Bart Scagnelli is a 2L at Loyola University Chicago. He holds a bachelor’s degree in English from the University of Iowa, where he concentrated in creative writing. Bart was born and raised in the Chicago area, where he now resides.
It‘s no secret that the legal job market leaves something to be desired for law students and recent graduates. We hear about it from everyone; family, friends, professors, recent graduates, and each other. And in case you didn’t get the memo, there are an abundance of blogs, websites, and disillusioned lawyers roaming the streets that have devoted a significant portion of their existence to ensuring that each and every law student knows just how dismal our prospects for future employment may be. But in these discouraging times, I would like to offer some much needed words of resistance: don’t dwell on it.
I learned long ago that going on a job interview is a lot like a first date. You get dressed up, give yourself a pep talk, and then spend an hour or two talking with someone you barely know about what you are doing with your life. And the person on the other side of the table, be it an employer or your date, (hopefully not both), is paying a lot of attention to your personality and behavior. They are not only thinking about what you are saying, but how you say it. And why do I make this comparison? Because employers, like dates, dig confidence.
Like it or not, our conscious and subconscious insecurities have a way of making themselves known. They sneak their way into our facial expressions, tone of voice, posture, and other social cues. And these subtleties have a powerful effect on how we are identified and perceived by others, especially employers. One way to guarantee yourself some insecurity is to spend a lot of time drawing pessimistic conclusions about your ability to get a job. Sure, we need to be practical and realistic about our futures, but there is a point at which spending time and energy worrying about the poor job market is going to get you nowhere and cost you a lot. Literally.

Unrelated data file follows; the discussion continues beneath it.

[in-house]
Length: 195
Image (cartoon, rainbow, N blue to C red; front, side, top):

The corrosive effect of a pessimistic approach to employment reaches beyond the confines of the interview. Airing your dissatisfaction on the Internet or at a networking opportunity is not helping you either. Sure, it can be healthy and therapeutic to express the frustration you feel, but there is a time and a place for everything. These statements might elicit the sympathy of your audience, but it is not helping you to shape your identity as a confident, outgoing person headed for success.
A pessimistic approach to the job hunt can be a self-fulfilling prophecy. It hurts one’s presentation to employers, and for some it diminishes their motivation to pursue opportunities in the first place. So, the next time you see your thoughts or discussions on a crash course for that jobless, dystopian future everyone is so afraid of, I suggest changing the topic of conversation. Instead, for a change, try talking about the privilege and excitement of participating in a profession that is so rich with intellectual substance and challenging ideas. Remember that you study law because you love it, and, hey, there’s no turning back now anyways.